John Carney, breakout director of Once, is back with a redemptive tale of love and redefinition; unfortunately Begin Again takes a while time to find its rhythm. Dan (Mark Ruffalo) is a music producer/record label owner that's been fired; Greta (Keira Knightly) has just been dumped by her famous musician boyfriend Dave (Adam Levine); when Greta goes to an open mic night and performs, a drunken Dave in the audience sees her untapped potential and offers to collaborate to get her music out there. Begin Again opens with two separate threads of the lives of Greta (Knightly) and Dan (Ruffalo) resolving how they got to their chance meeting; and it's the most arduous slog of the film. For Ruffalo, it's having to play an unceremonious fall to a near rock bottom; and Knightly it's having to bury the lead on her partner's infidelity/departure. Dan's life, largely due to the fantastic actors portraying his ex wife Miriam (Catherine Keener) and daughter Violet (Hailee Steinfeld) has you vastly more invested than Adam Levine's insipid and weak Dave. It's Carney having to create the conditions for the frenetic, vibrant and and restorative collaboration that's depicted from that point. Carney has an innate sense of how to integrate the incidental music and the music being made in the film in an organic way. The purity of art Greta and Dan's undulated and organic approach is as heartwarming as it is toe-tapping.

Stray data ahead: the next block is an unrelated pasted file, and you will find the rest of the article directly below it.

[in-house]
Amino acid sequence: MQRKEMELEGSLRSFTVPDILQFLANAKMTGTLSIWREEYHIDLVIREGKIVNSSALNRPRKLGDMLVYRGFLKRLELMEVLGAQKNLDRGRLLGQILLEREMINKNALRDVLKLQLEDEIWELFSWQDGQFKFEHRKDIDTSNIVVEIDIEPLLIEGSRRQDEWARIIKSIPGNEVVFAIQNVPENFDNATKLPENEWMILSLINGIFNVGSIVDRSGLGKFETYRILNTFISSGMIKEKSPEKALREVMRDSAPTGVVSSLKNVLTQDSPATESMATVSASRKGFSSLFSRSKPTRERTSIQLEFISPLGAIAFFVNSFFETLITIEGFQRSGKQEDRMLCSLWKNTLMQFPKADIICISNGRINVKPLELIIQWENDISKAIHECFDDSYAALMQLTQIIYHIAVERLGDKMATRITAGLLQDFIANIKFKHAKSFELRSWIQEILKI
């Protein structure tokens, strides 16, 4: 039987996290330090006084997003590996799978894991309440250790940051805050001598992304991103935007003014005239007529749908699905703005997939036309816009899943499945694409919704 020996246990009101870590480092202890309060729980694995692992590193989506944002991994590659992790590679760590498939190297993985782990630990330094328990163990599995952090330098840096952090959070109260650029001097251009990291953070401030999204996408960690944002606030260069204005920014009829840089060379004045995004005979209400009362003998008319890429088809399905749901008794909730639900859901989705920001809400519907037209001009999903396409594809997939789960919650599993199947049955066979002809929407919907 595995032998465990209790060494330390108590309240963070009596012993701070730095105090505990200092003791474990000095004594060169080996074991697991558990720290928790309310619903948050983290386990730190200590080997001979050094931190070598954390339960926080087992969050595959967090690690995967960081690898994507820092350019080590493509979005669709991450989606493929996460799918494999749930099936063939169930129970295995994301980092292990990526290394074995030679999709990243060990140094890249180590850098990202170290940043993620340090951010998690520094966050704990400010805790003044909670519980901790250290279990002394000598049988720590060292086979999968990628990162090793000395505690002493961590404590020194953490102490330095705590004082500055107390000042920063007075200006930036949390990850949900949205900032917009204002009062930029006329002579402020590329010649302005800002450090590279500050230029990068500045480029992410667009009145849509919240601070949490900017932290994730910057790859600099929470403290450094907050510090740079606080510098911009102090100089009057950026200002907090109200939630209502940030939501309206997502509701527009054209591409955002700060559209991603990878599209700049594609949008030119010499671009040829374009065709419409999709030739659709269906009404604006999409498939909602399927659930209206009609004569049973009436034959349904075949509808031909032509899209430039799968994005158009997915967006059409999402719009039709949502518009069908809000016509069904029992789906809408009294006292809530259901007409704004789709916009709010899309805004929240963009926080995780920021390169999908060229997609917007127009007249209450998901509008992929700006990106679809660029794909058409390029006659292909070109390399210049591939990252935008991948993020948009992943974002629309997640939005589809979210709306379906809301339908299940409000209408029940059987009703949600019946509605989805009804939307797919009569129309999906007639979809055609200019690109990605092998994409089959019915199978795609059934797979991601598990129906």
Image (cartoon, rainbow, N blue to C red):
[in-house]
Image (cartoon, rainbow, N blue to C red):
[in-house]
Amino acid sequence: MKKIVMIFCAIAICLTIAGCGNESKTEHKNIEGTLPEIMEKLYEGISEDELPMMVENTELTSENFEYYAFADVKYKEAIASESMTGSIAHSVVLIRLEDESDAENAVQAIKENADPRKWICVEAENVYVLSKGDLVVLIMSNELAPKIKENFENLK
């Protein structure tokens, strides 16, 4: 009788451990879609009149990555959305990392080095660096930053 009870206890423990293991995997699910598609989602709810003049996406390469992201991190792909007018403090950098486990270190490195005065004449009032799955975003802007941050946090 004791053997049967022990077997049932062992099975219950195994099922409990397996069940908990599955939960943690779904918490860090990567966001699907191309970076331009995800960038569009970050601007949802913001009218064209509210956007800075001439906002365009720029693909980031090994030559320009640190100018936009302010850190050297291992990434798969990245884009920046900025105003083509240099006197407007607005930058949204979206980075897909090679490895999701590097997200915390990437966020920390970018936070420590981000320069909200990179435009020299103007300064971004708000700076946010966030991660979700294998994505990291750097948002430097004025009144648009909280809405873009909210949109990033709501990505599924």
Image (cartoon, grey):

Mark Ruffalo is an incredible presence and when he's able to bring the audience close to admire the nuance in how he's able to portray the conflict within Dan; however Carney, the writer/director, seems to have had the directive to sketch Dan as a larger than life, bastion of the dying music industry. The larger the performance the less connection you feel with Dan. Knightly's Greta is great because she's a character that doesn't become a slave to impulse. She's beautiful, uncompromising, sweet and although she has a handle on the futures, like imagined highways that lay before her, she seems determined to do it her way.
After the drunken, Halloween 'Lord of the Rings' dwarf cosplay level of beard work that's applied to Adam Levine's face; I'm going to have to prescribe every hair and make up artist that worked on the film to watch True Detective before working again. Levine is an asset to Begin Again simply for his undeniable musical talent. I'm actually not sure that Hailee Steinfeld could possibly be bad in anything. She's a formidable presence for a young actor that often outshines her adult counterparts. It totally makes sense for her mother to be played by the effortlessly brilliant Catherine Keener.
Begin Again is a delight, not only because of its infectious musical vitality but because it follows the unexpected forks in the road.
Blake Howard - follow Blake on Twitter here: @blakeisbatman and listen to legacy audio reviews on That Movie Show 2UE here or on top-rating film podcast Pod Save Our Screen, available now on iTunes.
Director: John Carney Writer: John Carney Starring: Keira Knightly, Mark Ruffalo, Adam Levine, Hailee Steinfeld, James Corden, Catherine Keener, Cee Lo Green
Blake Howard is a writer, a podcaster, the editor-in-chief & co-founder of Australian film blog Graffiti With Punctuation. Beginning his criticism APPRENTICESHIP as co-host of That Movie Show 2UE, Blake is now a member of the prestigious Online Film Critic Society, sways the Tomato Meter with Rotten Tomatoes approved reviews. See his articulated words and shrieks (mostly) here at Graffitiwithpunctuation.com and with DarkHorizons.com & 2SER Sydney weekly on Gaggle of Geeks.